This is the U.S. cover for Eleanor & Park, my second book, which comes out March 5, 2013. It was designed/art-directed by Olga Grlic at St. Martin’s Press and illustrated by Harriet Russell.
Isn’t it just just?
II. SOME BACKSTORY:
Have we met in real life? No?
Well, if it had happened some time in the last six months, it would have gone like this:
You: “Hi, Rainbow, how are you?”
Me: “. . .”
Me: “What? Oh. Sorry. Don’t mind me. I’m just obsessing about the book cover for Eleanor & Park. Venti decaf latte, whole milk. What? No? That’s not … Who are you again?”
I care A LOT about the covers for my books.
And it’s a potentially painful, stupid thing for me to care about because it’s mostly out of my control.
Selling a book to a publisher is something like an open adoption. (Hopefully this isn’t an offensive comparison.) You still get to see the kid. You might even get to be there on big days. But it’s not exactly, legally, really yours anymore.
What the book looks like, how it’s sold — that’s largely decided by the publishing team. Which MAKES SENSE because this is what these people do for a living. They know the market, they have professional designers and illustrators . . .
It makes sense. But it can be torture for someone like me.
I always care way too much about the way things look. Not people. I don’t much care what people look like. But things …
It hurts my brain to look at something ugly that could be beautiful. And everything designed by a human being has the potential to be beautiful. I once went five years without a couch because I couldn’t find one I could bear to look at every day. And a couch is just a couch; a book cover is personal.
You spend all this time on the book itself, and the cover is the face that it presents to the world. It’s painful to think about ending up with a cover that doesn’t represent you. (For me. For me, it’s painful.)
I also really believe that the ebook revolution has made cover design more important than ever. Buying a book — a real ink and paper book — is an aesthetic decision now. People see books and CDs and newspapers as clutter, as things they have to dust or dispose of, unless they’re beautiful.
If I like the cover, I buy the book. If I don’t, but I still want to read it, I buy the ebook.
So, if you’ve read this far, we’ve established that:
– Authors usually don’t get to choose their covers.
– I’m a little neurotic about this fact.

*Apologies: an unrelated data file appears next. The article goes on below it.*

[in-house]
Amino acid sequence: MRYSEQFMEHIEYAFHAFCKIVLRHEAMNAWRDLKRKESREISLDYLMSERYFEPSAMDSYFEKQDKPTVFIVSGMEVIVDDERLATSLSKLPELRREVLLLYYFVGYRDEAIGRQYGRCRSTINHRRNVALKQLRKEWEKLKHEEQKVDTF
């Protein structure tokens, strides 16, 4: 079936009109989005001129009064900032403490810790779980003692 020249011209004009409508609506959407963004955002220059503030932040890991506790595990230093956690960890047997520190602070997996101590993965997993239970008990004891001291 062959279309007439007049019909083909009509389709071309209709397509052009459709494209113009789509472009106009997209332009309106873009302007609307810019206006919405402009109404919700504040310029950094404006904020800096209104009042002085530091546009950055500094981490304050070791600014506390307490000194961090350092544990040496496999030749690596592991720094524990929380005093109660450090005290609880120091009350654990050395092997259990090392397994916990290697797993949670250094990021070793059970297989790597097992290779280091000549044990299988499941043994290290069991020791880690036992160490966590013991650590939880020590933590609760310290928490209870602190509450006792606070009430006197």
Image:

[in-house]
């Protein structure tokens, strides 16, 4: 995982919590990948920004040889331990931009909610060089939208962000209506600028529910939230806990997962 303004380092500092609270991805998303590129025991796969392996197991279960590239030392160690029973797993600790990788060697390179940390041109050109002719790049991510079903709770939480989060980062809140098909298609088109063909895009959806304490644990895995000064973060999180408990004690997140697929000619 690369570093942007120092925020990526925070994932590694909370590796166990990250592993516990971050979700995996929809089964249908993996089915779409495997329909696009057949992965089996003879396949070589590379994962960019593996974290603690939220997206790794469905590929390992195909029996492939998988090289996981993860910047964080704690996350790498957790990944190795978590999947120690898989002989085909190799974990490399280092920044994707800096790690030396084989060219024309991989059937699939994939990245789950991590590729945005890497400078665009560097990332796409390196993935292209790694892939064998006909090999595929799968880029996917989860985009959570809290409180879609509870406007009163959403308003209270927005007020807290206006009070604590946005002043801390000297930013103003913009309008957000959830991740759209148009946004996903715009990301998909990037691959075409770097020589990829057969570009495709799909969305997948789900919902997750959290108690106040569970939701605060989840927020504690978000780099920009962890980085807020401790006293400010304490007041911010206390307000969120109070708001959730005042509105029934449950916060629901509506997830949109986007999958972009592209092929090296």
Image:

III. NOT “A LITTLE,” ACTUALLY …
As proud as I am of Attachments (super proud!), I don’t feel like I carved a piece of it out of my heart the way I did with Eleanor & Park.
I hope that I write better books someday, I hope that I grow as an author — but I’m not sure I’ll ever write anything that feels this personal again. If I were Joni Mitchell, Eleanor & Park would be my Blue. (I’m obviously not Joni Mitchell.) (But you get what I’m saying here, right?) (This is a great album; you should listen to it.) (The cover is just okay.)
My worst fear for the Eleanor & Park cover was that it would look like the sort of book Eleanor would never read.
I had the same concern for Attachments, and it drove my editor crazy. She’d say, “Lincoln is a twenty-eight-year-old IT guy; he is NOT our target audience.” And I would say, “I know, but it’s his book. I don’t want a book that he’d be embarrassed to be seen with.”
I ended up lucking out bigtime with the Attachments cover, which is beautiful and clean, and perfectly concepted. (It was designed by Jon Gray, who goes by gray318. You can see more of his covers here.)
Neither Lincoln nor I are even a little bit embarrassed by it.
Eleanor, unlike Lincoln, is the target market for her book. Or she could be. She’s a 16-year-old girl who reads a lot and really cares about books.
She’s also cynical and judgmental and a little weird. Eleanor is a misfit. By choice and not by choice. She’s chubbier than she knows what to do with, she dresses funny, and she has bright red, curly-curly hair.
I had this ongoing nightmare that the Eleanor & Park cover would end up with a beautiful red-headed model on it. Probably with her face cropped half off.
Have you noticed this about contemporary YA book? Lots of cropped faces. And legs. And backs.
I didn’t want a cover with girl parts on it.
And I didn’t want a cover with some effortlessly, conventionally, obviously beautiful girl, who is obviously not Eleanor.
IV. DO YOU WANT ME TO BLOW ON THOSE DICE FOR YOU?
First, Eleanor & Park came out in the UK, and it looked like this:
So sophisticated and gorgeous, and I wish that was my actual signature.
And then I started working with St. Martin’s Press on the U.S. cover.
AND THEY WERE GREAT!
Was it a difficult process? Yes. Maybe it always is.
But I felt like they cared so much about getting the cover right. And they really listened to me.
I mean, at some point, they probably would have thrown me off the back of the train, but it never got to that point. It got to THIS point:
Isn’t it LOVELY?
And also THE AMPERSAND!
And the colors . . . And the type . . . And the word balloon . . . And they’re in love! I feel like these drawings are in love. Also, it matches Attachments; I don’t even think that was intentional.
I am so happy and so proud of this cover.
Eleanor would totally read this book.